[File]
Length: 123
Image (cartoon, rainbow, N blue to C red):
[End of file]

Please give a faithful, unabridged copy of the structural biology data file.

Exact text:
Length: 123
Image (cartoon, rainbow, N blue to C red):